Asia-Pacific could capitalise on BOS PV manufacturing worth US$300 billion

The IEEFA report covered Japan, South Korea, Malaysia, Taiwan, Vietnam, Philippines, and Indonesia. Image: Masdar

Balance of system (BOS) component manufacturing for the solar PV industry could account for 75% of industry investment in the Asia-Pacific region by 2050, as opposed to manufacturing in the silicon solar value chain.

A new report from the Institute for Energy Economics and Financial Analysis (IEEFA) shows that the higher cost of BOS components like trackers, inverters, racking and electrical components in comparison with solar modules creates a market opportunity for local manufacturing in APAC.

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Simultaneously, the drastically lowered price of solar modules and the vast overcapacity already present in China creates an “extreme challenge” for countries looking to establish direct solar value chain manufacturing, the report said.

The IEEFA claimed that the headline figure for solar and offshore wind manufacturing investment could be as much as US$1.1 trillion through 2050 across the seven markets in the report, including Japan, South Korea, Malaysia, Taiwan, Vietnam, the Philippines and Indonesia.

Solar PV is expected to account for US$394 billion of that figure, with US$346 billion expected to be spent on local supply chains which reach the market in their own countries.

The report says that the declining price of solar modules, largely a result of huge capacity expansion in China that has killed competition in much of the world, has increased the share of BOS components in the cost of a solar project. Chinese module prices are unlikely to be matched anywhere else in the world this decade, according to the report, but falling prices make the conditions for developing PV projects more favourable, which increases the market size for BOS products.

Depending on market conditions, BOS components can account for between 62% and 85% of the total costs to build a solar project.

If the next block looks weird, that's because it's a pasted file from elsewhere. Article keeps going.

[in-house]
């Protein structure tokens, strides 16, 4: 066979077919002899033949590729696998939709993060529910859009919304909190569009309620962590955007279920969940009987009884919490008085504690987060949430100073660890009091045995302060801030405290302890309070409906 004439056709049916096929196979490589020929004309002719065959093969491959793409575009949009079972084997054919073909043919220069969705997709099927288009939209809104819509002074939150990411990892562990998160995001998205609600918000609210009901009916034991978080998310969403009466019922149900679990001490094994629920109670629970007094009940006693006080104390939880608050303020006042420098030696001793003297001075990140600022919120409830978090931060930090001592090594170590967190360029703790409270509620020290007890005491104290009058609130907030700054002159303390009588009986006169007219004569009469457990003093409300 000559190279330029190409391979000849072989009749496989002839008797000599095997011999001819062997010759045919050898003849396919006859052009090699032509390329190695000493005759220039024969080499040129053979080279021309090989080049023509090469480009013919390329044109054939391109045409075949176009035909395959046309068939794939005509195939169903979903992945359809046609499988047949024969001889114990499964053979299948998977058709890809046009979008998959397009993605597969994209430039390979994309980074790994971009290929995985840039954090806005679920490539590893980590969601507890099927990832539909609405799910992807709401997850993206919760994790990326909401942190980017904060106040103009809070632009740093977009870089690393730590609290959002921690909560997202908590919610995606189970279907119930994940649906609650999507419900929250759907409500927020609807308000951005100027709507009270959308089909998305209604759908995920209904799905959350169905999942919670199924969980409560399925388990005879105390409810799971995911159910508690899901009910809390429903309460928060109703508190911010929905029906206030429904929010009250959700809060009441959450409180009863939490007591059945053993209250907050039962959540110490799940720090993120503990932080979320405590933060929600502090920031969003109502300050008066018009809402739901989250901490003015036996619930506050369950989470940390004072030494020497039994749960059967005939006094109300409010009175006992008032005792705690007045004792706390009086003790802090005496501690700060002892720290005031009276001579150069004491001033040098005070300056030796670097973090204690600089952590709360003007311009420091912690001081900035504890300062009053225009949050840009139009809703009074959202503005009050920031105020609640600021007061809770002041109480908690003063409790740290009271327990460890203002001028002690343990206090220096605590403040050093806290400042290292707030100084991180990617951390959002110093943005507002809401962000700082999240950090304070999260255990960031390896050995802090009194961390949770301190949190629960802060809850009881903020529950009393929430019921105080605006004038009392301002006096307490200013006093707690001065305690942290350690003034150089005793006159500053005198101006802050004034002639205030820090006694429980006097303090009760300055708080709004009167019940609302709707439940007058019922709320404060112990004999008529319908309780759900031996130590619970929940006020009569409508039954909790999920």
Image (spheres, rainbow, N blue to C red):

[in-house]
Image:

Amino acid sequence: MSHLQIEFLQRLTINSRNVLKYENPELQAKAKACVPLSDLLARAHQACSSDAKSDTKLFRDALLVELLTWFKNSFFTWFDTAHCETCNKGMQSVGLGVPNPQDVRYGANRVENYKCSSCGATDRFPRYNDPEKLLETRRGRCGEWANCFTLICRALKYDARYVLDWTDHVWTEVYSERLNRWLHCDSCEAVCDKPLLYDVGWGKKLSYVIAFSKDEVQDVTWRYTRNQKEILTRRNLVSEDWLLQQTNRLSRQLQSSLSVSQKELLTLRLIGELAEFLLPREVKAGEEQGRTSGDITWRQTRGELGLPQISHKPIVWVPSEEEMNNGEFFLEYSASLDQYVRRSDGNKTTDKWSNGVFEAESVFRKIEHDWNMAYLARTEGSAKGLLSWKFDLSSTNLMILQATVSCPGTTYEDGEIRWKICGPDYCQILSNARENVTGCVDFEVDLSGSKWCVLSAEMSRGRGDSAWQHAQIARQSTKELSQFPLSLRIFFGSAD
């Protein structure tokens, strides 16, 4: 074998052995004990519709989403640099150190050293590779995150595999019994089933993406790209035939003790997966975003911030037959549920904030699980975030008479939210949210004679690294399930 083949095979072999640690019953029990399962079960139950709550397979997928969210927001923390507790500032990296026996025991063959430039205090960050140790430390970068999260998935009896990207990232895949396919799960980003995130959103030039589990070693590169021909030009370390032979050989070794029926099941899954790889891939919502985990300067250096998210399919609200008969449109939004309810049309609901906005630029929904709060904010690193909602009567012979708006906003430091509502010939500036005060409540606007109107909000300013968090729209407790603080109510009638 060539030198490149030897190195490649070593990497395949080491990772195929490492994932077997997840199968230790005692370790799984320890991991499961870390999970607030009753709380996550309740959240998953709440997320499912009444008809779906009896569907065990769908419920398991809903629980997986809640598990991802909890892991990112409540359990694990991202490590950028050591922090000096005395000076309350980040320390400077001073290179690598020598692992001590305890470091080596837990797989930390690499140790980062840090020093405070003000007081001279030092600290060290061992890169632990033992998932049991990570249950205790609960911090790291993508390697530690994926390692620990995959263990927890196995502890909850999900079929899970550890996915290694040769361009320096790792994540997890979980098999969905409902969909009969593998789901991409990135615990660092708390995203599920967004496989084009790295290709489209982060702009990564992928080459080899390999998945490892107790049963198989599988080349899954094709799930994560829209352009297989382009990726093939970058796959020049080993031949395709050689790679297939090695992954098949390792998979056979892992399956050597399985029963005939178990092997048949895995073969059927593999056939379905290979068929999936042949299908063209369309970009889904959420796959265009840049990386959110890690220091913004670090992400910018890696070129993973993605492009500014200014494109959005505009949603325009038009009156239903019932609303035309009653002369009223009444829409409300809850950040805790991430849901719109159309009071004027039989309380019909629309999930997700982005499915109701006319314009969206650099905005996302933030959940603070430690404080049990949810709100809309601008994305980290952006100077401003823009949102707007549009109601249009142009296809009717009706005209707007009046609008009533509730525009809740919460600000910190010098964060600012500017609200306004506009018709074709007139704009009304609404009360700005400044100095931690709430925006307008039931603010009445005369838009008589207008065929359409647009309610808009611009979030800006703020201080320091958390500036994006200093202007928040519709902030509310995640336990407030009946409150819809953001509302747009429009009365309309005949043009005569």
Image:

It said: “Unlike modules, which trade in a comparatively tight band globally, the value of BOS costs varies widely. With all-in installed costs of utility-scale solar farms ranging from US$650 per kW to US$1,900 per kW, and the wholesale price of PV modules ranging from US$120 to US$200 per kW, domestic [BOS] market players can still provide material value.”

In a table – visible in the full report, which can be read here – the IEEFA shows that the total value for BOS investment across the seven countries to 2050 could be US$296 billion, compared with US$100.5 billion in solar module investment value.

A report in August last year found that growing solar manufacturing activity in Southeast Asia could create up to US$100 billion in revenue.

Vietnam has the highest potential investment value for locally-sourced solar modules, which is unsurprising given the manufacturing capacity that has been opened in the country, largely by Chinese-owned companies like Trina Solar. Regardless, Vietnam still has a vastly larger investment proposition from BOS production than solar module manufacturing.

A similar principle applies to offshore wind supply, which can have beneficial effects for shipbuilding and shipping companies in a region that is dominated by maritime economies.

Grant Hauber, IEEFA’s strategic energy finance advisor, Asia, said: “This report highlights the here-and-now opportunity to capitalise on the renewable energy supply chain. A key message for policymakers and industrialists is that you do not need to make solar PV modules or wind turbines to realise huge domestic manufacturing and investment benefits.”

He added that most Asia-Pacific countries are apparently underestimating this opportunity. This accords with a recent call from RE100 – a corporate renewable energy initiative – imploring the Japanese government to commit to tripling its renewable energy capacity by 2035 in the next iteration of its Strategic Energy Plan, which will be announced later this year.

“Ultimately, domestic businesses benefit from higher development volume, consumers benefit from the lowest long-run marginal cost of electricity, and the government benefits from both these wins and significant progress toward decarbonisation targets,” concluded Hauber.

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